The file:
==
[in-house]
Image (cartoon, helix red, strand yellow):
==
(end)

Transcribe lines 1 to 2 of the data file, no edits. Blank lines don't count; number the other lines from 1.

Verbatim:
[in-house]
Image (cartoon, helix red, strand yellow):